But, stepping back, I know my desires are too concrete and too rigid. They lack the nuance of awareness of the interwoven systems within our society. For example, idiotic leaders who tell their acolytes that social distancing is impinging on their “freedom” to get sick and die in service to America’s “economy” (aka the rich and powerful) are in part to blame for the poor decisions of some Boomers to treat the shelter-in-place as a joke. The idea that the thinly-veiled threat of violence cis white men can hold towards people like me who are queer (as well as those who are PoC, poor and so forth) is not limited to one human specimen who decided his “recreation” included obstructing my freedom of movement, but is embedded in the patriarchal, heterosexist white supremacy inherent in American society. I can acknowledge those truths intellectually, but I still wanted respond aggressively to the flaunting of privilege and ignorance I witnessed. Once I calm myself after episodes like this, it usually leads me to redouble my efforts at constructive change, but, if I’m being totally honest, I do truly savor the schadenfreude that results when the powerful get what’s coming to them.

OUT AND LOUD

I have been out as a non-binary trans person for about ten months and on low-dose T about six months, so I thought it would be a good time to spend some time processing my experiences thus far. I want to consider both how I am relating to my body as well as how I am relating to others from this place of a deeper understanding of myself. Finally, I want to consider what I would like to focus on going forward.

PHysical Changes

I have had ambivalence about being on T ever since I started it. I want my voice to drop, a bit of fat redistribution, increased muscle mass and mental changes. I am a lot less interested in hair changes. Thus far, it has been a mixed bag. My body hair is darkening but is not extremely different than it was. I also find myself not caring about it at times and bothered by it more at other times. I have had some increases in feelings of depression since starting T, but I do not think they are all due to the physical effects of it. In general, I feel more alert and my body aches are so much better than they used to be. My voice has lowered slightly but not quite as much as I would like it to. Because my job involves speaking, it has been so nice to feel like I can project my voice with less effort. I keep waiting for an internal indication that I need to cut my dose or go off of T because I am being more affected than I am comfortable with, but so far, it hasn’t come.

Social Changes

I have lost a few friendships since coming out as a trans non-binary person. I think being true to myself has led me to be more willing to follow through on creating a safe environment for myself and less willing to tolerate people’s ridiculousness. I’ve always been a decisive person, but T has helped me back up my inner knowing with action.

As a trans person, I’ve come to understand what it means to center advocacy work around the people who are most affected by bias and discrimination in a particular social justice realm (racism, sexism, homophobia, transphobia, etc.). This understanding, coupled with the intensity with which I’ve always approached moral issues, had led me to have a “no shits given” response to cis people’s lack of understanding and/or concern for the needs of trans people, and has helped me to better understand why I need to step back, listen and elevate the voices of others in areas where I have privilege. It has made it harder for me to engage in close relationship with people who lack this insight, but also more appreciative of those who grasp it.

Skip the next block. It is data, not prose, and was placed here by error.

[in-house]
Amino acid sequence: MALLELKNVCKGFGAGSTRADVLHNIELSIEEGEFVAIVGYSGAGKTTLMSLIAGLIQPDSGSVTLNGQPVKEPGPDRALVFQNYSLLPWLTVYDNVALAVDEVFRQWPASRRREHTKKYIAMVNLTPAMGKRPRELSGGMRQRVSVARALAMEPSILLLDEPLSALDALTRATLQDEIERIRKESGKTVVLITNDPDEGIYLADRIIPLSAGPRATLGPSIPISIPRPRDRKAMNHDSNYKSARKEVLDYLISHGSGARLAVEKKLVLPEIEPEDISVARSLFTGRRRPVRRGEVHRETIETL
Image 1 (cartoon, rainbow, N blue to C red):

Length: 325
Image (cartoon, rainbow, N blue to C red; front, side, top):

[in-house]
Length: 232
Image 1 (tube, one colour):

Future plans

I need more (any!) trans people in my everyday life! I am hoping to be more engaged in pride events and such this summer and will hopefully meet people with whom I can form a connection. I have been presented with several opportunities to talk with cis people in a formal training setting about the experiences of trans people as well as how to act in solidarity, but I would love to be able to find places to direct support trans people. Finally, I want to continue to be vocal at least in my state in regards to the rights and needs of trans people. Things are going badly on the legislative front for trans youth in several states and, in addition to advocating for their needs, I want to be vigilant to ensure similar discrimination doesn’t ensue where I live.

If you are a trans and/or a non-binary person, are there topics that you would like to read about and/or discuss? How has your experience been going this last year?

Self-Reflection on Injustice (Today’s Daily Remembrance)

Today’s Daily Remembrance card asked me to ponder what I’ve learned from experiences of injustice. I think that there is a primary lesson that I have absorbed, which is mostly in terms of how I want to treat others. I also believe this is a topic for which there is much left for me to learn.

The main injustices I’ve experienced in my life are profound experiences of betrayal. I was sexually abused by my father when I was a child (as well as a few other male relatives of his). My mother witnessed his abuse and did nothing to stop it. She abused me herself on one occasion. My faith community was not aware of my experience, but shaped my worldview to cause me to believe that I am the defective person because of the anger and bitterness I continue to harbor towards my family. Finally, many of my personal relationships have ended because I perceive the person to invalidate the fallout from the trauma I experienced and/or to dismiss the truth of who I am in various aspects of my identity.